Thursday, August 18, 2011

Look What I Found: 3 by William MacLeod Raine

Look What I Found is an occasional series on books I've hunted-and-gathered at garage sales, used bookstores, estate sales, and the occasional pilfering from a friend's bookshelf when their back is turned.  I have a particular fondness for U.S. novels written between 1896 and 1931. If I sniff a book and it makes me sneeze, I'm bound to fall in love.

Any self-respecting collectors of vintage American literature will have at least one novel by William MacLeod Raine on their bookshelves.  Quite possibly, they'll have something like twenty Raine books sitting there gathering dust.  The dude could write with speed and dexterity.  Let's put it this way, if Raine was a horse, his mane would be snapping in the wind.

Though British-born, Raine made a career of writing popular, pulpy novels about romance and adventure on the plains and in the mountains of the American West, with occasional trips northward to Canada and the Yukon.  The novels written in the early 20th century featured men with chest hairs curling from the collars of their flannel shirts and slim-waisted women standing on hilltops staring into purple-mountain sunsets.  The pages were filled with sagebrush, swirling dust, and horses with flaring nostrils.  While F. Scott Fitzgerald was busy back East creating the Jazz Age, Raine set about painting a backdrop of the Old West which Americans longed to imagine--and which would soon be realized on the screens of Hollywood thanks to The Great Train Robbery and all its celluloid offspring.

By the time I walked in the front door of the Used Book Barn in Bozeman, Montana, I already had two William MacLeod Raine novels paying rent on my shelves: Wyoming and Ridgeway of Montana.  Like most of the other residents of those two glass-fronted bookcases in my basement, they remain unread.  But, geez, they sure are purty to look at.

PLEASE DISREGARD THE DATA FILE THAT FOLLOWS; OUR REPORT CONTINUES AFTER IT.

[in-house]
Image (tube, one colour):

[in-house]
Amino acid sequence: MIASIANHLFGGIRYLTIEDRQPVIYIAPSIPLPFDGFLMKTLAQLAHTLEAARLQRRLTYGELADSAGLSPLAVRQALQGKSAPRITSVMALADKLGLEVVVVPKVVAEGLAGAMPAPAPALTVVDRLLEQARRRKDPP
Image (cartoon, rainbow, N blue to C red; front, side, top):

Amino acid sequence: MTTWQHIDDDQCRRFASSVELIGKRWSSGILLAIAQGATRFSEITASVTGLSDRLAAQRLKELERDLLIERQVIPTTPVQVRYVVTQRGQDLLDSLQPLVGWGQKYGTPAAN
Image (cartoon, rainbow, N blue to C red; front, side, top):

The three Raine-y Day books I found on a shelf just inside the Used Book Barn's front door were a such a steal, I thought I should have a bandanna over my mouth and nose and be pointing a .45 at the nice lady behind the counter as she swiped my credit card.  No, really--it was a superb find.  Brand Blotters, The Big-Town Round-Up, and Man-Size* all had tight bindings, clean pages, and--best of all--intact dustjackets.  Just take a look at these babies:

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And my favorite of the trio:

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Not having read any of the WMR novels, I don't know if the contents match the beauty of those cover designs, but a quick glance at the opening paragraphs gives some indication that the writing is crisp, clear and riddled with the standard 1920s cliches:

      She stood on the crown of the hill, silhouetted against a sky-line of deepest blue. Already the sun was sinking in a crotch of the plains which rolled to the horizon edge like waves of a great land sea. Its reflected fires were in her dark, stormy eyes. Its long, slanted rays were a spotlight for the tall, slim figure, straight as that of a boy.
      The tenderfoot rose from the ledge upon which he had been lying and stretched himself stiffly. The chill of the long night had set him shivering. His bones ached from the pressure of his body upon the rock where he had slept and waked and dozed again with troubled dreams. The sharpness of his hunger made him light-headed. Thirst tortured him. His throat was a lime-kiln, his tongue swollen till it filled his mouth.
      If the night had been bad, he knew the day would be a hundred times worse. Already a gray light was sifting into the hollow of the sky. The vague misty outlines of the mountains were growing sharper. Soon from a crotch of them would rise a red hot cannon ball to pour its heat into the parched desert.
          --Brand Blotters

Note Mr. Raine's curious use of "crotch."  With hot cannon balls, no less.

*He obviously never met a hyphen he didn't like.

1 comment:

  1. The covers are well equaled by the writing, I think you should read these books.